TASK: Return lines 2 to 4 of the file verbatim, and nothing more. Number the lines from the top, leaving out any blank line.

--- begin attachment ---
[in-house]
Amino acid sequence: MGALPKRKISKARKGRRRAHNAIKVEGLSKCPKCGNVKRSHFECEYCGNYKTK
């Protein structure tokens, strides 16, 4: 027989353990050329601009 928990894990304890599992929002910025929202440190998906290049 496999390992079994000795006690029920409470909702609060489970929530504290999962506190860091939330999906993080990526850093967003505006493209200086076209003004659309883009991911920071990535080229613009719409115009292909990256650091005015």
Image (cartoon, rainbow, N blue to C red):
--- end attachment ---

Amino acid sequence: MGALPKRKISKARKGRRRAHNAIKVEGLSKCPKCGNVKRSHFECEYCGNYKTK
């Protein structure tokens, strides 16, 4: 027989353990050329601009 928990894990304890599992929002910025929202440190998906290049 496999390992079994000795006690029920409470909702609060489970929530504290999962506190860091939330999906993080990526850093967003505006493209200086076209003004659309883009991911920071990535080229613009719409115009292909990256650091005015």
Image (cartoon, rainbow, N blue to C red):